Entering the Jungle

Noelle - Knoxville, Tennessee
Entered on November 26, 2013
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Being thirteen, the most important thing in the eyes of your immature mind is what others view you to be. Having the most expensive mall bought jeans, coolest shoes, the latest hairstyle, and knowing the most popular songs means you have power in the pool of tiny hormone enraged sharks. When my parents informed me I would not be attending Northwest Middle School for my eighth grade year but Farragut Middle School instead, I was more than a little skeptical. Setting foot into the social jungle of a new school after being coddled by the embrace of the familiar has taught me to always be myself and do what makes me ultimately happy. Five years ago, the lesson began.

When I walked into Farragut Middle School in August of 2008, my sense of what was “cool” had been completely altered by two great, although scary, years at a school for children with slightly less promising futures other than drug dealing and rap music. The stares and whispers stalked me as I walked into the crowded auditorium for the informal orientation donning my ripped jeans, tattered Converse, and skull covered black t-shirt. In a preppy sea of pinks and light blues, I was piece of meat tossed to the lions. Being new, I had no friends, so I picked the girl who was alone and dressed in black like I was and invited her to join me at an empty lunch table. I came to find out that her name was Jennifer. She was new as well, and hated the place as much as I did so far so we instantly became each other’s partners in battle. After that, we went to the gym for a walk and the teasing and heckling began. The first person who talked to me at that fortress of despair besides my new friend was Dakota, and the first words he spoke were “Are you a lesbian?” Those words sparked an onslaught of similar remarks by the other children in the dimly lit gym and did not cease until the moment I left that accursed building. As soon as I got home, I immediately broke down into tears and begged my mom to take me to Aeropostale to buy new clothes so the other kids would leave me alone. Even with the new clothes, makeup, and total personality shift, they would not leave me alone. Then after a few weeks, it finally hit me: I was not happy trying to be someone I was not.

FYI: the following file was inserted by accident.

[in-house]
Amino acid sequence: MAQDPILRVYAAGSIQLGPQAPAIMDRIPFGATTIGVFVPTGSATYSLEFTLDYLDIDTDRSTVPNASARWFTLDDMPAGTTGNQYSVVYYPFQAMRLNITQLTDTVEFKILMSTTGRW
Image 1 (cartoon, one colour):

When I finally decided to be who I was, people still tried to make me feel like I was not good enough, but I had to keep going and decide that my happiness was more important than their petty remarks. I was only feeding the leeches instead of facing the truth and realizing that being someone else for other people to be happy is not what life is about. I put away the brand name clothes, dusted off my Converse, thickly lined my eyes, and walked back into that school with a new lease on life. They teased and poked fun at me, but it did not matter because I had something they did not: individuality. That was what made me the happiest. I made a small group of misfit friends who liked me for the skater girl I really was. By the end of September, I had totally turned around my Farragut experience and made the most of the changes that were put before me.

When it comes to being faced with adversity, I had to decide that being myself and fighting for my own happiness was more important than the opinions of the simple minded. I now have adopted my own personal motto: I do what I want. I use those words every day to remind me that what makes me happy is the most important. Whether that be choosing my future career path or deciding which cat sweater I want to wear that day, I am in control of what I enjoy and the opinions of the now much bigger sharks are just passing waves.